Wednesday marks the first day of National Hispanic Heritage month. If you would like to teach your child more about Hispanic and Latino culture, traditions and experiences, here are a few books for family story time.
“Waiting for the Biblioburro,” written by Monica Brown and illustrated by John Parra – Nobody loves stories more than Ana. She loves to read them to her brother to help him fall asleep. Unfortunately, Ana’s small village only has a few books available and she’s already read them all. One day she wakes up to the most incredible site – a traveling library carried on the back of a burro.
“I am Frida Kahlo,” written by Brad Meltzer and illustrated by Christopher Eliopoulos – A kid-friendly biography on Mexican painter and icon Frida Kahlo. Learn more about how Kalho became inspired to paint and her childhood love for nature.
“Alma and How She Got Her Name,” written and illustrated by Juana Martinez-Neal – Alma Sofia Esperanza José Pura Candela has always wondered why her name is so long, so she turns to her dad for answers. It turns out her name represents a long and beautiful story about her heritage, including her grandmother Sofia, who loved books and flowers; her great-grandmother Esperaniza, who loved to travel; and many other namesakes. Once Alma learns the story of her long name, she decides it’s not too long, it’s actually just perfect.
“Islandborn,” written by Junot Díaz and illustrated by Leo Espinosa – One school day, Lola and her classmates are asked to draw a picture of where their families immigrated from. Lola struggles with the assignment because she immigrated as a young child and can barely remember what her island looked like. With a little help from her imagination, she reflects on her birthplace and her family’s story, remembering the words of her abuela, “Just because you don’t remember a place doesn’t mean it’s not in you.”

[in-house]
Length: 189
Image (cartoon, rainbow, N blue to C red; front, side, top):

“The Day of the Dead: A Bilingual Celebration,” written by Bob Barner and illustrated by Teresa Mlawer – Learn about the various traditions of the Day of the Dead (Día de los Muertos) used to celebrate and remember ancestors, such as preparing offerings of flowers, breads, foods and sugar skulls. Descriptions are offered in English and Spanish.
“Just Ask!: Be Different, Be Brave, Be You,” written by Sonia Sotomayor and illustrated by Rafael López – Supreme Court Justice Sonia Sotomayor uses her own childhood experience of being diagnosed with diabetes to encourage all children with all sorts of challenges and differences to appreciate the unique things they can offer the world.
“Mango, Abuela, and Me,” written by Meg Medina and illustrated by Angela Dominguez – Mia’s abuela has decided to leave her sunny home filled with palm trees and parrots to live with Mia and her parents in the city. Mia discovers that abuela has a hard time understanding English, so she comes up with a fun way to teach her the language.
“Across the Bay,” written and illustrated by Carlos Aponte – Carlitos lives a happy life with his mother, his abuela and Coco the cat. His curiosity, however, draws him across the bay to the capital city so he can search for his father. Along the way, Carlitos learns lessons about the true meaning of home and family.
“Carmela Full of Wishes,” written by Matt de la Pena and illustrated by Christian Robinson – Carmella wakes up on her birthday to discover her wish has come true – she’s finally old enough to travel through the neighborhood with her brother to do the family errands. Along the way, she finds a dandelion and her brother shows her how to make a wish.
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